If you have a rental property you probably already know what a big responsibility it is. In addition to having to be responsive to the needs and concerns of renters, you’re also responsible for making sure that the house itself remains in good condition. After all, it’s your rental property, and you want to make sure that your investment pays off over the long run. Because you have so much at stake, there are things you’ll want to make sure are in good working order. Here are some things to stay on top of.
Evidence of Pests
One of the quickest ways to upset renters and possibly lose them is if there’s an issue with pests in the house. Things like mice, roaches, and bed bugs are a tenant’s worst nightmare, and they can quickly become yours too if pests aren’t dealt with swiftly. You should set a regular schedule for pest control to prevent issues or to deal with ongoing issues.
If there were no signs or reports of pests before a tenant moved into the house it could be that the tenant’s living situation contributed to the problem. This is why it’s important to perform routine inspections of your house to see what condition things are in. Typically, the landlord is responsible for taking care of pests. If the tenant caused the problem, they may be responsible for taking care of it. Check your local laws.
Floors and Walls
Fewer things are more noticeable in a home than damaged floors and walls. This is why you should inspect them to make sure they’re in good condition. It’s not uncommon for a tenant to want to hang pictures on the walls, but most landlords won’t allow this if the walls could be damaged. You’ll want to check for things like punctures or gouges. These are the same things you look for before investing in property.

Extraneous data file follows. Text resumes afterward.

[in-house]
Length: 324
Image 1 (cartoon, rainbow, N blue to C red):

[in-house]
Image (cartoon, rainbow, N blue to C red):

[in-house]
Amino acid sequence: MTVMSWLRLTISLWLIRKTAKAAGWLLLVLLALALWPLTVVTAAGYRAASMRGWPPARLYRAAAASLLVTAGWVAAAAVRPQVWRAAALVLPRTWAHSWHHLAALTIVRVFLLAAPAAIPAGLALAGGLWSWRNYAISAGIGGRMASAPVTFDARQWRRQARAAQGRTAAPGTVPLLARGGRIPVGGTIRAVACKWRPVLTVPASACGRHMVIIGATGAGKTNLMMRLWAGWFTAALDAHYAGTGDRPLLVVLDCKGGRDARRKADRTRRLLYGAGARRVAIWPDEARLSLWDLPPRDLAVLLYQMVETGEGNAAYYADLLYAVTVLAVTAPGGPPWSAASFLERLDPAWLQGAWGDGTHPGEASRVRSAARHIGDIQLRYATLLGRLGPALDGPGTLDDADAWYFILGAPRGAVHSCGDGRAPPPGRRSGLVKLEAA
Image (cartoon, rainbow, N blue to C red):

Make sure you inspect the floors and carpets. If the floor is hardwood or laminate, what’s the condition of the wood or material? Are there marks and scuffs beyond what’s typical wear and tear? If there are any carpets, you’ll want to check for stains and any problem spots. You’ll also want to check both the walls and floors for any signs of water damage.
The smoke detectors should be checked to make sure they’re in good working order. Even though you might believe this is something the tenant would report if there were any issues, you have to remember that it’s not the tenant’s house; they just live in it. They may not be concerned about or even aware of the need to check smoke detectors.
The house should also be outfitted with carbon monoxide detectors if there are fuel-burning appliances, a fireplace, or a garage that is attached to the home. Carbon monoxide is known as the silent killer because the gas, although deadly, is odorless, colorless, and tasteless. There’s really no way of knowing of its presence until it’s too late.
You’ll also want to check for stipulations of the lease that are being broken and could damage your property. For example, if the lease has a no-smoking clause you’ll want to make sure that the tenant isn’t smoking. It’s hard to hide the smell of cigarette smoke, especially if done consistently day in and day out. Smoking can lead to stained walls, burns, and nagging odors.
Also, it’s important to keep up with simple maintenance such as mowing the lawn, replacing the furnace filter, and staying on top of any snow removal that’s needed. Keeping up with these types of maintenance issues can keep you from a lot of headaches down the road.
Renting out a home to strangers can be a sound move financially, but it also comes with a lot of responsibilities if you’re the homeowner. Some things that you’ll want to do to make sure the house you’re renting out remains in good condition include checking for any pest issues, inspecting the floors and walls, checking the smoke detectors, and keeping up with basic maintenance duties. If you keep in mind that the property is your home, you’ll treat it accordingly.
Also read: 4 Things That Make Cleaning Your Kitchen A Breeze